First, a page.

The fourth quarter. Whether sports or sales is your arena of choice, the mere mention implies that final push for the win. Pressure, heightened sense of awareness and clutch play are commonplace during this crucial time. But what many of us lose sight of during this time is that we’ve been building for this all year long.
When the final quarter of the year hits, our organization and our leadership may deliver a completely different tone. We may look at our year and we fall in one of three buckets: we’re having an awesome year and we’ve got to put an exclamation point on it, we’re having a so-so year and need to get over the top or we’re having a subpar season and it’s time to close some serious business!
All year long, we are setting the foundation for future business. We are planting the seeds for success every day. So, in reality, the fourth quarter should absolutely not take a different tone and its arrival should absolutely not result in us drastically changing our approach. Building a pipeline means developing the relationships that will sustain you in famine and culminate in feast – and hopefully, with diligence and consistency, that feast will not end.
During this time of year, we’ll hear some, “Yeah, my budget is tapped out and we’re just budgeting for next year.” Great – make it a point to ensure you’re on their outlook for next year. However, you’ll also come across your customers who have money left to spend before the year wraps – know your customers well enough to know their cycles. Find ways to stay top of mind – post industry articles on your social media so your contacts see them, send newsletters, make regular calibration calls. Furthermore, many customers you work with operate on different fiscal cycles so don’t naturally assume it’s their fourth quarter too.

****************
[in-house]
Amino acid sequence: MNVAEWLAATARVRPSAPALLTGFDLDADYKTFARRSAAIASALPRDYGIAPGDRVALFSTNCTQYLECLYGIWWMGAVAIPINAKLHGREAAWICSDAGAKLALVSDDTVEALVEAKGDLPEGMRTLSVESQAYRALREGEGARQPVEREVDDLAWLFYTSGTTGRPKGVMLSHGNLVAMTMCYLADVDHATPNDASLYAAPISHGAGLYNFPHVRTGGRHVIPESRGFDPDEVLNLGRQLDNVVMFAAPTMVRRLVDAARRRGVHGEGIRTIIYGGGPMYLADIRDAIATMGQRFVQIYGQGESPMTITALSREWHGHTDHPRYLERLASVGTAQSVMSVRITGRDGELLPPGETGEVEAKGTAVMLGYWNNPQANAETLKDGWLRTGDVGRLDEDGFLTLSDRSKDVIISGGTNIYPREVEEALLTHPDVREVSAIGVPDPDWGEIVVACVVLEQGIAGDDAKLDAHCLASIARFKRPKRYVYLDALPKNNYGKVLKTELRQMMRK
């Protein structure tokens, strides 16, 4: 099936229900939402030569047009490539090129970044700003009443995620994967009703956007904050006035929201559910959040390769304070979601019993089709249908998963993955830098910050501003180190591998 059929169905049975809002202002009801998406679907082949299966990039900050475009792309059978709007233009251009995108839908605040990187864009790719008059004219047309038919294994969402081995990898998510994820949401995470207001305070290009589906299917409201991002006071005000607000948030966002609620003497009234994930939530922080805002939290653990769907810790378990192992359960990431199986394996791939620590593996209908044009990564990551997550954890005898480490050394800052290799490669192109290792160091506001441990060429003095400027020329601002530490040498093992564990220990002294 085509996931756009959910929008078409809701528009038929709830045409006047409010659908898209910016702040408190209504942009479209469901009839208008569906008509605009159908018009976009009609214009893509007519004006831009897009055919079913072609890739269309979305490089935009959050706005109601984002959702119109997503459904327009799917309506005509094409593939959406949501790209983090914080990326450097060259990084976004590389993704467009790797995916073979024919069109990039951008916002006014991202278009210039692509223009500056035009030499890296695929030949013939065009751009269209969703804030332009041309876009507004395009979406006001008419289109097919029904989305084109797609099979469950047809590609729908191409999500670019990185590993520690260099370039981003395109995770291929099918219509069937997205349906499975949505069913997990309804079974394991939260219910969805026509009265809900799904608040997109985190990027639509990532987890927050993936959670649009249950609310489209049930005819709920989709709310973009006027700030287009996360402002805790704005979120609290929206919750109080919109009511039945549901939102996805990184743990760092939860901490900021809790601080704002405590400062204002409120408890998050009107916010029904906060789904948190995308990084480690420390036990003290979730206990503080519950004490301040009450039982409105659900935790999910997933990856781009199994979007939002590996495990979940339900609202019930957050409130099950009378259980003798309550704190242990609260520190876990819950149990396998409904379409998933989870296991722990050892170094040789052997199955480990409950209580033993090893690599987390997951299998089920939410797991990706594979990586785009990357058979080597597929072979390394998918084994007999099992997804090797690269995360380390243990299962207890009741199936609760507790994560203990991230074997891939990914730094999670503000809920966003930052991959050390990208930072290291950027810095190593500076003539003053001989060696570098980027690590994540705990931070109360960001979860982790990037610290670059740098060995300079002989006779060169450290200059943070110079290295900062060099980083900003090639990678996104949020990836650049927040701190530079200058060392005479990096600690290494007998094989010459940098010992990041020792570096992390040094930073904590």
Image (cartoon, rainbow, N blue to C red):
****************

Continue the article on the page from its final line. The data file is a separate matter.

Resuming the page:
Prioritize your leads! Regularly calibrate with your top spenders. Ensure their needs are being met, ensure they are pleased with results and that you are revisiting the relationship regularly. It’s kind of like your top reps, if you are a sales manager – reward and recognize and let your prized stallions lead you in the race.
That said, don’t make the mistake many salespeople make and solely chase whales! Diversification of your portfolio is of the utmost importance; those who only chase whales get swallowed whole. The temptation is real; sure, these customers can make your whole year or two. But I have seen far too many people live and die by chasing their Moby Dick. Your story could have the same unhappy ending.
When you diversify, prioritization of your leads means ranking them when you are scheduling your time. Certainly sell and sell more to your top accounts; make sure they are in the know on what they need to know to make informed decisions and get the most for their money. When you have new offerings, go to them first. From there, focus on additional leads as follows: